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Schools prepare for the CRCT tests

Schools prepare for the CRCT tests

Schools prepare for the CRCT tests

Brooklet Elementary School fourth gra...


    Next week, students all across the state will begin taking mandatory tests — even those in first grade.
    The Criterion Referenced Competency Tests (CRCT) are required for grades 1-8, said Brenda Kingery, Bulloch County Board of Education testing and data analysis specialist.
    The test "measures how well students perform on the Georgia Performance standards," she said. Students must do well on the test, meeting certain requirements, in order to pass to the next grade if they are in grades 3, 5 or 8.
    Third graders must pass the reading portion of the test, while students in grades 5 and 8 must pass reading as well as math testing.
    If they do not perform well enough, they are given the opportunity to attend remedial classes and take the test again during the summer, she said.
    Students in grades 1 and 2 are tested in areas of reading, English/language arts, and math. Students in grades 3-8 are also  tested in science and social studies, Kingery said.
    Monday, students in grades 6-8 will begin testing. Students in grades 1-5 will begin testing Wednesday, she said.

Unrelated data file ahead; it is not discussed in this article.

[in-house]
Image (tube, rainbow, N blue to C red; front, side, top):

Reading will be the first course of testing, followed by English/language arts the second day, and math on  the third day. Those in grades 3-8 will have a fourth day of testing on science, and a fifth day of testing on social studies.
    "All testing will be completed by April 30," Kingery said.
    Students are taught year-long with the  tests in mind, she said. "We work closely with the Georgia curriculum and Georgia Performance standards that are taught in the classroom."
    Students can prepare for the tests online as well, and parents are given passwords to programs that will help  their child achieve a higher level of learning and thus score higher on the tests, she said.
    Some schools, such as Brooklet Elementary, held kick-off events such as pep rallies to gear students up for the grueling  test week. Other schools kept things on a different level.
    "It varies at different schools," said Sallie Zetterower Elementary Principal Todd Williford. "We've kept a steady pace, and let the students know the importance of (testing). We don't want to add any stress, so there was no kick off. The focus is keeping business as usual and (for students) to give 100 percent all the time."
    Whether individual school leaders choose to make a celebratory event of the testing week or aim for minimal excitement and less distractions, the focus overall  is that students learn what they need to know throughout the year, Kingery said.
    The CRCT is given each spring to gauge what students have learned and where they stand regarding state performance expectations, she said.

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